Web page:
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New Orleans article describes Johnson model for flood risk assessment

Assistant Professor David Johnson
Assistant Professor David Johnson
Louisiana Coastal Master Plan Flood Depths
Louisiana Coastal Master Plan
Flood Depths

Assistant Professor David Johnson’s innovative risk assessment model is being used to help the State of Louisiana develop its 50-year coastal flood protection plan.

A recent article in the New Orleans Times-Picayune newspaper describes the $50 billion plan.

"The article shows our projections in a scenario with relatively low sea level rise and minimal changes in the average intensity of Gulf hurricanes," Johnson explains. "As hinted at by the maps of land loss under the 'Medium' and 'High' scenarios we’ve analyzed, 100-year floods could be significantly worse in the future than even the 10-15 feet depths that are shown."

The planners use the Coastal Louisiana Risk Assessment (CLARA) model, developed by Johnson and colleagues at RAND Corporation, to systematically evaluate flood risk from the many types of storm events that may occur now or in the future. It accounts for uncertainty in climate, environmental, and economic conditions. It also allows decision makers to see the risk impact of different combinations of flood protection projects, like levees and floodwall systems, and coastal restoration measures that alter the landscape, such as marsh creation projects and river diversions.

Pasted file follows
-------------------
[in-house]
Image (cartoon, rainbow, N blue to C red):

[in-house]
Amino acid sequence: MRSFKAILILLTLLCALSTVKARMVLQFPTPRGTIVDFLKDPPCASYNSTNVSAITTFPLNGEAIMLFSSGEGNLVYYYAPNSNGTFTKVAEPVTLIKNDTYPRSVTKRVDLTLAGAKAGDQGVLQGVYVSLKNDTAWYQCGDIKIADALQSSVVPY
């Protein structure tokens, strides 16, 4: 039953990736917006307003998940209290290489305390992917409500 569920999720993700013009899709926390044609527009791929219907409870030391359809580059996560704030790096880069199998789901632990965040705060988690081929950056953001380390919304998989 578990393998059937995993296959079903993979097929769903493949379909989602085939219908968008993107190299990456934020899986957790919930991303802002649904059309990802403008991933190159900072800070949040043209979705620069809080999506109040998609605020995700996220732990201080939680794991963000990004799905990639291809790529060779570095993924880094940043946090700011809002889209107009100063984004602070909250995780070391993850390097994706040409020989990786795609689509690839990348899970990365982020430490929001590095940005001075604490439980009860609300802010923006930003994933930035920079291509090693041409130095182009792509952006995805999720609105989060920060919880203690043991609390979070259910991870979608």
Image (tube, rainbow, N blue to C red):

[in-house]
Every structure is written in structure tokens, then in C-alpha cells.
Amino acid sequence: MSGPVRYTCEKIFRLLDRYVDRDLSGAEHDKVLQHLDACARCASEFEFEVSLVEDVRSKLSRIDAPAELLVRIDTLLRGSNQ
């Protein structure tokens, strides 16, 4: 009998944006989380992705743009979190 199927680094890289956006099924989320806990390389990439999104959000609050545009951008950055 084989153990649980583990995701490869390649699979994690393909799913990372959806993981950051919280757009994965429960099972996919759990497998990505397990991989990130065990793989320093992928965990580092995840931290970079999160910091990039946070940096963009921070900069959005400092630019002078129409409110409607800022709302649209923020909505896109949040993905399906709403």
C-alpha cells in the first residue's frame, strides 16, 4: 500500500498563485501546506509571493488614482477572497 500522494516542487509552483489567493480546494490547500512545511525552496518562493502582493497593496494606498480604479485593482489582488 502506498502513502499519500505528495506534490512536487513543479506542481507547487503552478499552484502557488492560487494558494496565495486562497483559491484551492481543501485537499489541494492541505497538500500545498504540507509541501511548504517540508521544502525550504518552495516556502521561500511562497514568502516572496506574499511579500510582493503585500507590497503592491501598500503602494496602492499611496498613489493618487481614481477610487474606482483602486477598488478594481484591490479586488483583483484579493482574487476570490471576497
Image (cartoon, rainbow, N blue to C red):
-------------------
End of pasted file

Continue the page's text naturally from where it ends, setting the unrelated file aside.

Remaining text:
The Louisiana Legislature requires updates to the master plan every five years to address changes in the state's understanding of how quickly additional land loss and surge risk will occur. 

"Louisiana is committed to using cutting-edge scientific findings to inform their coastal master planning efforts," says Johnson. "Their dedication to an objective decision-making process is commendable and has allowed the state to finally start moving past the decades of political gridlock that played a part in causing the disastrous consequences of hurricanes Katrina and Rita a decade ago."

Read more: The $50 billion plan to save Louisiana's coast gets a rewrite

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